Sonya Clark is a multimedia, African American artist, who works with textiles, sculpture, prints, performance art, photography, video art, and interactive art to address the African Diaspora and themes of race and identity as the consequence of slavery.
“I gained an appreciation for craft and the value of the handmade primarily from my maternal grandmother who was a professional tailor.” Clark has a B.A. from Amherst College where she received an honorary doctorate in 2015. Her second degree was a B.F.A. from the School of the Art Institute of Chicago. She received an M.F.A. from the Cranbrook Academy of Art where in 2011 she was given a Distinguished Alumni Award. Clark was a Distinguished Research Fellow in the School of the Arts and Commonwealth Professor at Virginia Commonwealth University where she served as chair of the Craft/Material Studies Department from 2006 until 2017. Clark currently is Professor of Art at Amherst College.
Hair is often central as form, subject, and metaphor in her work. In 2015, she asked students from campuses nationwide to share stories of their own hair for one of her installations. The stories were put on paper which was dyed in shades from blonde to dark brunette and then twisted into shapes that resembled real hair. Viewers could take one of the ‘hairs’, unravel it, and read the story that someone had written. The students, in turn, were asked to leave their own stories about their own relationships with their hair.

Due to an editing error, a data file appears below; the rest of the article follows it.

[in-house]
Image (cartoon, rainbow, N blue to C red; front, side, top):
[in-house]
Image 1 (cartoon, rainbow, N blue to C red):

Although New England in colonial times had a small population of enslaved people, Clark’s textile work and performance art deal with slavery in the Confederacy. Her “Unraveling” performances invited visitors to work with her and carefully unravel a Confederate battle flag thread by thread. Together they were able to dismantle half an inch in an hour, creating piles of red, white, and blue threads.
Her 2019 “Monumental Cloth, The Flag We Should Know” deconstructs the visual culture of the Confederacy. It is a horizontal white weaving, some fifteen by thirty feet, that references General Robert E. Lee’s ordering of a soldier to wave a dishcloth near the Appomattox Court House. This act signaled the surrender of the South. Clark proposes that this big white cloth should be used as an alternative to the Confederate flag.
In her video work is a performance piece from “Reversals.” Here Clark is filmed wearing a colonial dress and scrubbing a floor with a dishcloth adorned with the Confederate flag. The floor was covered with dust, collected from sites where the Declaration of Independence and the Constitution were written. Her scrubbing reveals words on the floor from the preamble to the Declaration, “We hold these truths . . .”
Her 2021 “Roots Unbound” is a sculpture made from dreadlocks suspended from the ceiling and joined together to resemble a pendulum. It hangs over a white parachute on the floor which is shaped like the United States. Looking like the roots and branches of a tree, the work conveys a sense of pain as the hair is fastened from the ceiling and pulled down by gravity.
Clark has exhibited in over 350 museums and galleries world-wide. She has received a United States Artists Fellowship, a Pollock Krasner award, and an Art Prize Grand Jurors Award, among others. She had had residencies and fellowships in China, France, Italy, North Carolina, and Washington D.C.
Her work is in the permanent collections of the National Museum of Women in the Arts, Virginia Museum of Fine Art, Philadelphia Museum of Art, Indianapolis Museum of Art, and the Musees d’Angers, among others.